Ji-hye crashes their meal, asking Yeol if he’s going to the hearing tomorrow. Sang-hae helpfully says he’s fired regardless. Yeol more or less agrees, comparing himself to a decrepit car, ready for the scrapheap, rather than a magical fixer of other cars.
He tells them what Hyun-woo said about him being wrapped up in his own pain, and so they couldn’t trust him. Ji-hye and Sang-hae both disagree — they trust him. They’re going to help plead his case tomorrow, but Yeol’s tired of it and just wants to quit. Coach Bang texts him the meeting time — 1pm tomorrow.
Ji-hye follows him out. I wonder how many times she’s confessed to him. By now, she can recite his script of objections, and imitates him: He wants to be alone and doesn’t want to take responsibility for anyone else. Not being in a position to look after anyone, he’s sworn off marriage and kids. Aw, I like her! Yeol nods, struck dumb.
So that’s why she wants to start off just dating, Ji-hye says, and encourages him to go for it so he doesn’t have regrets. But Yeol shrugs that he won’t regret it, and walks off. Sang-hae congratulates her on her millionth out, and tells her she should give up. She sighs that she knows he’s still stuck on his first love or whatever.
Yeol is convinced he’s being followed home, but can’t see anyone. From behind a pillar, Mi-rae watches him go inside. She wonders why he was alone all this time, but at the same time, she’s relieved.
A flashback takes us to when she told him she was going abroad. But what about them, he asks. “Game over,” she shouts, because he won’t even hold on to her and beg. Furious himself, he rips off a chain with a pitcher’s glove pendant and throws it at her feet. Even more hurt, she stalks out.
Yeol gets in to find his dad snoring on the couch. Coach Bang’s words come back to him, about how he’d look after his dad without a job, and what losing tomorrow could mean for his future prospects.
Woo-hyuk is waiting again when Mi-rae gets home. This time, he boldly swoops in for a kiss, but Mi-rae kicks him again before he can land it. Poor hapless hoobae. Frustrated, he asks why it can’t be him — there’s someone else, isn’t there? Whether there is or not, he isn’t the one, she tells him. He’s better off being a doctor. Dejected but not defeated, he promises not to give up on her.
By the time Yeol wakes up the next day, it’s already 12.30. Run, Yeol, run!
Sa-rang can’t make sense of Woo-hyuk ‘s rejection — it’s not as if a dad she’s never had is going to suddenly appear, after all. She exhales a long sigh, “Ah! I want to get married, too.” Just then, she spots a group of high school girls pushing around her crush.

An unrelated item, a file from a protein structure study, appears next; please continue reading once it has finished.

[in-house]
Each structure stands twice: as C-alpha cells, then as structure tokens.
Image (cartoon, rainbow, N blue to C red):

Yeol rounds a corner in his car. Swerving to avoid a sudden cyclist, he ends up mounted on the pavement with a flat. Frustrated, he starts walking, and immediately passes the high school girls. He doesn’t notice it’s pint-sized warrior Sa-rang brawling with them, and walks on, shaking his head.
Sa-rang spots him, and calls out, “Dad!” She runs and throws her arms around him. He’s mystified, and she beseeches him with big eyes. Loudly, she orders him to tell the girls off. They’re dead, she tells them fiercely. Yeol sorta waves at them, and half-heartedly tells them to work hard. After they go, she limps over to crush-boy.
Dr. Hwang and Ji-hye worry about Yeol’s hearing, and are suddenly met by Mi-rae.
Speaking privately in her office, Dr. Hwang remembers that Mi-rae used to be the attending physician for the team’s president. Mi-rae agrees to do the surgery, on one condition.
Yeol applies a makeshift splint to Sa-rang’s injured ankle. He criticizes her for jumping into other people’s fights, and bets she’s a bad student. Riled by his assumptions, she tells him to get lost. But he suddenly notices the time and runs.
Sa-rang shakes her head, unimpressed. She notices he’s left behind his keys. The pitcher’s glove pendant is attached to them, old and chipped.
In Yeol’s hearing, Coach Bang fights his case, but Ki-tae points out that Yeol’s absence shows how much he cares. He asks the other coaches if any of them are against his firing, and even Sang-hae backs down. The official is about to pass the verdict when he gets a call from the president.
Everyone is on the way out when Yeol finally arrives. They pass in silence, and Yeol assumes the worst until Sang-hae congratulates him for surviving (no thanks to you!). Ki-tae derides him for using connections, but even with a three-month probation, Yeol’s thrilled by his reprieve.
Coach Bang explains that he has to take remedial classes in the three months, and he’ll get hired back if he does well. He tells him that the person who persuaded the president will also be his tutor.
Dr. Hwang arrives with Mi-rae. Yeol stares. “You…” he says. She wasn’t sure he’d recognize her, she laughs, and holds out her hand. He realizes she was the one who intervened on his behalf. Furious, he quits on the spot, not caring if they fire him or sue him. “If it’s this woman, I’m never doing anything!” he vows.
He marches out into the rain, the voiceover of his statistics of exes meeting, working out, and staying together plays again, while we get glimpses of his dad, Sa-rang, Ki-tae and Woo-hyuk, each occupied in their own concerns.
Yeol angrily growls to himself that Mi-rae did the same thing ten years ago, selfishly coming and going as she pleased.
But she followed him out, and now Mi-rae calls out to him. “Let’s get married,” she says. “Be my daughter’s father.”